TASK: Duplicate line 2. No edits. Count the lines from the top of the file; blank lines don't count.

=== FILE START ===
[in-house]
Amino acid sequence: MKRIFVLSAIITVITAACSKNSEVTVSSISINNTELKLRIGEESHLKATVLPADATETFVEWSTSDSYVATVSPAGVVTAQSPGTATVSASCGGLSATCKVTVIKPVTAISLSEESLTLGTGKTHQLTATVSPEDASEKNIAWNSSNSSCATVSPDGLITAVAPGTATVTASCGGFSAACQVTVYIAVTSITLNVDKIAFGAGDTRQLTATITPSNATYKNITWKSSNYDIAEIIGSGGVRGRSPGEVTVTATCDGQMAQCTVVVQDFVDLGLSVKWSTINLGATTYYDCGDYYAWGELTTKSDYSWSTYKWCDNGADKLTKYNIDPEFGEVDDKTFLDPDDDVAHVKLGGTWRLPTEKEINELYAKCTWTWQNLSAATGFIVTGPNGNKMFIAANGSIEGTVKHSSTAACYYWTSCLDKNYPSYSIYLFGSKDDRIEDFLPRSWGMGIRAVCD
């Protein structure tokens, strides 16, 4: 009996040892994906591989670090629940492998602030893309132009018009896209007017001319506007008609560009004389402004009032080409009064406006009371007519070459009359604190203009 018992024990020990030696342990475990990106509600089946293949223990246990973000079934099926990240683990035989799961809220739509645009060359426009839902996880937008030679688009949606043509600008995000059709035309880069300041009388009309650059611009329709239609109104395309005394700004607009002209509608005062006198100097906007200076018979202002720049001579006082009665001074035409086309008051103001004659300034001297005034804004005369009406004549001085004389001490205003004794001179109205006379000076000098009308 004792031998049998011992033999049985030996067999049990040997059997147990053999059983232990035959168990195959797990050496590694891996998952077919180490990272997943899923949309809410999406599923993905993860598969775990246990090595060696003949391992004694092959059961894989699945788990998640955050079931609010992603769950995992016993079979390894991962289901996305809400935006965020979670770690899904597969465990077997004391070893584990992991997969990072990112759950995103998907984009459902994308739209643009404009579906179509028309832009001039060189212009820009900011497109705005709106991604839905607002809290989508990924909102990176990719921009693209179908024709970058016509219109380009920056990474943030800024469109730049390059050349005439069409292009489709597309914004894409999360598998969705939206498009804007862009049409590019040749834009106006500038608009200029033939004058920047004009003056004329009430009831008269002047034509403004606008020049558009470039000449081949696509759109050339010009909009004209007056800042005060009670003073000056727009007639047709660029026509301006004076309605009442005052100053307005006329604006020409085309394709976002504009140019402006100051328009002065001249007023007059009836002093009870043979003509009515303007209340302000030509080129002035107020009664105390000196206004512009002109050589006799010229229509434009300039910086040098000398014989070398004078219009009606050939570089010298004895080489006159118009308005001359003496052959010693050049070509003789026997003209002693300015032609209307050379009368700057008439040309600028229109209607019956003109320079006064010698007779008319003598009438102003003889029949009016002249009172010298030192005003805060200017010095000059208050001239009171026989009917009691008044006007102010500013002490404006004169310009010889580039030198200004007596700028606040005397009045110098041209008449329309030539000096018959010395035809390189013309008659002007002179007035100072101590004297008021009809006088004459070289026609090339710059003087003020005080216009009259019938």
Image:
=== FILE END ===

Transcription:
Amino acid sequence: MKRIFVLSAIITVITAACSKNSEVTVSSISINNTELKLRIGEESHLKATVLPADATETFVEWSTSDSYVATVSPAGVVTAQSPGTATVSASCGGLSATCKVTVIKPVTAISLSEESLTLGTGKTHQLTATVSPEDASEKNIAWNSSNSSCATVSPDGLITAVAPGTATVTASCGGFSAACQVTVYIAVTSITLNVDKIAFGAGDTRQLTATITPSNATYKNITWKSSNYDIAEIIGSGGVRGRSPGEVTVTATCDGQMAQCTVVVQDFVDLGLSVKWSTINLGATTYYDCGDYYAWGELTTKSDYSWSTYKWCDNGADKLTKYNIDPEFGEVDDKTFLDPDDDVAHVKLGGTWRLPTEKEINELYAKCTWTWQNLSAATGFIVTGPNGNKMFIAANGSIEGTVKHSSTAACYYWTSCLDKNYPSYSIYLFGSKDDRIEDFLPRSWGMGIRAVCD